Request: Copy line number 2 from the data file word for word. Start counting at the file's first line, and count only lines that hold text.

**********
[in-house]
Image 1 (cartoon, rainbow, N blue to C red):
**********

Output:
Image 1 (cartoon, rainbow, N blue to C red):